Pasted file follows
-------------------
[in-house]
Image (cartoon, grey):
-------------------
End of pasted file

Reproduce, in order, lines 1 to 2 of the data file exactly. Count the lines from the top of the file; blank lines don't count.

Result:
[in-house]
Image (cartoon, grey):